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Cars, and talk about PTSD to save vets’ lives

August 16, 2016 – Everyone agrees that at least on the surface an Aug. 20 event at Roberts Robinson Chevy GMC Buick is about vehicles.

Its name – 2nd Annual Car, Truck and Motorcycle show – gives that away.

But the show, held at the dealership at 1501 Kearney Rd. from 9 a.m. to 3 p.m., places its emphasis on helping veterans deal with Post Traumatic Stress Disorder – and for some, saving their lives.

The car meet might well be dedicated to the memory of Erik Kuhlman, a Marine-Army veteran and Excelsior Springs resident with PTSD who committed suicide Aug. 11, 2015.

Sara Kennedy, his fiancé at the time, said she believes it was side effects of Venlafaxine, a medicine prescribed for major depression and anxiety disorders, that led him to take his own life.

“After he started taking the PTSD meds he changed,” said Kennedy. “If you read the side effects of the medicine, it says it causes suicidal thoughts. Before he started taking the meds he was a happy man.”

Although Kennedy said she was aware he was suffering from PTSD, neither she nor car show co-organizer Ron Lowery had any idea that Kuhlman, 44, was contemplating suicide.

“We missed one last year on the east side of town who hung himself,” said Lowery, a Navy veteran who also suffers from PTSD. “We didn’t see that one coming.”

Lowery said he hopes the information and referrals available Aug. 20 can help prevent something similar.

Roberts Robinson and VFW Post 741 created the show as a fun event for community members, but its underlying goal was to pass out literature and tell veterans about Post Traumatic Stress Syndrome counseling available through the Veterans Administration Outreach Clinic in Excelsior Springs and a number of other independent organizations.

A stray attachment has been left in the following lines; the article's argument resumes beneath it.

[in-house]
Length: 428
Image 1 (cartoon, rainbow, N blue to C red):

“There are lots of vets who won’t talk to anyone about PTSD or suicide,” said Ron Lowery, a U.S. Navy veteran who served on patrol boats in both Vietnam and the first Iraq war. “That’s what we do, we listen.”

Lowery, 71, his wife Judy and Ed Derdich, another Vietnam veteran who is now a sales representative at Roberts Robinson, are the driving force behind the show’s PTSD emphasis.

Derdich served with a cavalry unit in Vietnam, ferrying to and from hostile fire on helicopters.

Mike Robinson, the dealership’s owner, and Roberts Robinson’s Pam Inzerillo took care of the rest – publicity, securing prizes for the car show and a raffle, recruiting car clubs, individual owners and public-safety agencies, and providing the site.


See the Tuesday, August 16 issue of the Standard for the full story

By David Knopf •

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